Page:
Turkish wine has been making some inroads into the UK market, and indeed there has even been a generic campaign to promote Turkish wines in the UK for the first time. But still the wines remain extremely niche and relatively unknown. One producer that has impressed me on several tastings is Kayra Wines, whose white, red and rosé are reviewed below.
It should be no surprise that Turkey has a wine industry and extensive vineyard plantings. This part of the world, neighbouring Georgia and Iran, is the birthplace of wine. Turkey is a predominantly muslim country of course, so whilst alcohol may not play a major part in its contemporary day-to-day culture, there is historical evidence of winemaking dating back 6,000 years. Grape varieties too attest to that, with indigenous varieties like Boğazkere, Öküzgözü and Kalecik Karasi having ancient origins, as does the rather comically named Buzbag, which surely sounds better in Turkish.
Kayra farms two vineyards in the Anatolia peninsula, in the sub-regions of Elazig and Sarkoy. The company does grow a host of ‘international’ varieties including Viognier, Sauvignon Blanc, Syrah and Merlot, but the wines tasted here reflect their allegiance to indigenous grapes, and to exploring how they perform within Turkish terroir. Wines are made by a Turkish team headed up by Chief Winemaker Murat Uner, though Californian consultant Daniel O’Donell has played a crucial role in re-shaping and modernising the wines and the business.
This is a small selection of just four wines, all available in the UK, from an extensive portfolio, but it does demonstrate the potential and already realised promise of these indigenous varieties when allied to meticulous winemaking and carefully farmed vineyards. The wines are imported into the UK by Hallgarten Druitt & Novum Wines, and available through independent retailers.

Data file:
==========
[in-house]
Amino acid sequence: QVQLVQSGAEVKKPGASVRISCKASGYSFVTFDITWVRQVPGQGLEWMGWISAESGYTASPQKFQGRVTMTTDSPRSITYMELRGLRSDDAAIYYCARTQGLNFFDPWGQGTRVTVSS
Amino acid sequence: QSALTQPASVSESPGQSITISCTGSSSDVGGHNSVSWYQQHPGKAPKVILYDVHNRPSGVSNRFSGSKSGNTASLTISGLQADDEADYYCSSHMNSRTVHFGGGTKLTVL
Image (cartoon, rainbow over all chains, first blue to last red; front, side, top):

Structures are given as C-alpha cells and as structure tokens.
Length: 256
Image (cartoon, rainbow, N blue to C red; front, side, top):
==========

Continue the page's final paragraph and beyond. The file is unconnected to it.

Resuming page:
(2016) The Narince grape is another Turkish native, one of whose parents is the Kalecik Karasi. This pours a pale straw/gold, with a creamy, oaty character on the nose, quite full (with a touch of oak?) and plenty of fat, waxy lemon peel character. That hint of fruit skin grippiness comes through in the mouth, in a wine with plenty of cool, shimmering acidity, but real fat and texture to the mid-palate flavours. Interesting and good.
(2016) I'm a fan of Turkey's Kalecik Karasi grape variety, having previously made a red wine supplied by The Wine Society my Wine of the Week. But this is a truly delightful rosé example, exhibiting the most charming fresh peach aroma - like picking up a fat white peach on a summer's day and sniffing the downy skin - citrus peel and a hint of fresh ginger. It's colour is a pale, Provençal salmon, and the palate shimmers with more of that peach juice freshness and delicacy, married to pitch-perfect acidity. Just gorgeous and undoubtedly one of my favourite rosés of the year and in several independent retailers. Watch the video
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(2016) Every time I taste a red Karasi I am reminded of Pinot Noir. Most of the wines I've tasted have been in a very soft, open style, long-aged in oak, but though still Pinot-esque this is all crunch and bold cherry juiciness, a touch of prune or raisin, but fresh, just rounded out with a sheen of oak into the soft but still structured finish.
(2016) Öküzgözü is certainly a new grape variety for me (and almost used up my entire supply of umlauts), this from high altitude vineyards in Anatolia, eastern Turkey. It's a solid wine, with thick dark cherry and and some curranty, blackberry fruit, and a little sheen of oak. In the mouth there is a pleasing, inky darkness to this, a touch of meat and earth as well as plummy black fruit. It has some spice, and a dry, tannic finish that gives it freshness too. Really rather nice in a slightly rustic, very 'Old World' style.